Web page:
The Staircase Reveal: Part One
July 14, 2009
Whew! After 30+ hours of intense labor, it is done. Ladies and gentlemen, friends and fans, we are proud to announce the rebirth of our foyer.
Where to begin? First, I must explain the problem. The staircase was natural blonde oak. Dated and dreadful. NOT the first impression I ever wanted to give my guests. What was a girl to do? Replacing it with European style iron railing was the cost of an automobile. Fixing it seemed too daunting. Then I saw Rhoda at Southern Hospitality blog stained her entire oak staircase a lovely dark shade, from top to bottom, and it planted a big seed in my inquisitive brain. If Rhoda could do it, surely I could too.
That same week I was watching one of my favorite classics ‘Cat on a Hot Tin Roof’ with Paul Newman and Elizabeth Taylor. If you can take your eyes off either of them, which is almost impossible since they’re both practically perfect physical specimens, you notice that they frequently descend the incredibly beautiful staircase of Big Daddy’s plantation home. When I saw it’s espresso dark railing, white balusters and base, it was true love. I had to have it. So yet another seed was planted. After Rhoda, Paul and Liz, I was completely inspired. Off to the home improvement store I went, daring myself to do the impossible: transform the oak monstrosity into something sophisticated and stylish.
That said, let’s begin. Here is the before and after:
Update: the wallpaper was later changed to full white picture frame wainscotting after we added wood steps a year later - full reveal here:
How We Went From Ordinary Oak to an Espresso Finish:
Step One: After all the prep work, taping off the balusters and laying down carpet protection, I stripped the existing varnish off the staircase with Klean-Strip. It was nasty, smelly full-of-chemicals stuff. I had to ask Mr. CG to keep the kids away for an entire day. I wore a mask, and the fumes gave me a bad headache. And I still had to sand afterwards. (See this follow up post on why I now use Citrustrip instead).
Step Two: Sand, sand, sand, then sand again. I spent about 4 hours just sanding until my fingers cramped and refused another stroke.
Step Three: I cleaned off the sanding residue with wet wipes, then stained the upper hand rail with Minwax Gel Stain in Walnut. This is a wonderful product which I had used before to redo the highboy dresser in the entry. It’s not Minwax’s fault that I wasn’t satisfied. It’s just the nature of oak. It’s such a grainy wood. When the stain was applied to the oak, it gave me too much of a stripe-like effect. Darker was much better, but the product only took me half way to the look I desired.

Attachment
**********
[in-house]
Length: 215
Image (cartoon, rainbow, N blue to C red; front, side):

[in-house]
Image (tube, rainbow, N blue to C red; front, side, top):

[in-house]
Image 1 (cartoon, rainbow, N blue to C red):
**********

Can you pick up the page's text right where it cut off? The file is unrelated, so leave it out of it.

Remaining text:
Step Four: I did something unconventional – I glazed the wood with two coats of semi-opaque Burnt Umber acrylic craft paint. Yes, you heard me right. Craft paint. I know purist wood refinishers are absolutely appalled, but I’m telling you, the semi-opaque craft paint filled in the gaps and gave me just the espresso finish I wanted. See the difference after one coat?
Yessir. These were the three products that gave me the look I desired. Minwax Gel Stain in Walnut, Burnt Umber semi opaque craft paint, and Minwax Wipe On Poly.
They gave me this finish:
Hello gorgeous !
Using the glazing effect with the semi-opaque watered down craft paint (about 1 drop of water to 1 tsp of paint) helped to preserve the visible grain of the wood.
Step Five: With the help of a dear friend, and professional painter, we primed the bottom of the stairs with oil based primer, then finished it with two coats of ‘Swiss Coffee’ oil based white paint for durability. Thanks Mike !
Step Six: To the upper railing only, I applied one coat of Minwax Wipe On Polyurethane. This took maybe 20 minutes total. Pour a few drops on a sponge, wipe on, and you’re done. It was dry overnight, apply two coats!
I hope you’re all encouraged to take action, and transform your oak into something classic and wonderful. Yes you can!
For the full story on how we ripped out the carpet and installed hardwood, look here.
Update March 2012: The staircase railing has held up all these years even with two kids and their friends up and down those stairs, it works!